No system of oppression operates independently of any other system of oppression.
Ableism thrives on heterosexism, racism depends on classism, sexism is intimately wrapped with binarism, ageism snakes through ableism and sexism. Oppression builds upon itself. It is intellectually and morally irresponsible to go about social justice without acknowledging this insidious phenomenon. Our movements will fail, ultimately, if we do not understand how oppressions converge and work for transformative justice instead of aligning solely along individual axes of identity.
It is impossible to separate my identity from my disability, my gender, my sexuality, my race, and my class. Even were I to disavow these labels, I would continue to inhabit a body that has been disabled, gendered, racialized, and classed.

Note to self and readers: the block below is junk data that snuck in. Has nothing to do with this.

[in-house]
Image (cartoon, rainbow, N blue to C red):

Yet too much conversation on particular forms of oppression, and especially disability, focus on the individual mind/body as the location of oppression. While such isms (prejudice + power) do operate at the micro-level on individual bodies, I contend that discourse on marginalized identities must take a turn toward the macro-level and consider how oppression is created and perpetuated in society, culture, and politics. This emphasis on the individual too frequently serves to ignore how oppression is the result of broad, sweeping paradigms that enforce constructed normals/ideals while marginalizing communities, movements, and bodies/minds that serve to challenge those normals/ideals.
When violence is enacted on an individual person, violence is also enacted against entire communities.